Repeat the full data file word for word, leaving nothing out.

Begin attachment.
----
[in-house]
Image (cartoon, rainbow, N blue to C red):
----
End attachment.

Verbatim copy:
[in-house]
Image (cartoon, rainbow, N blue to C red):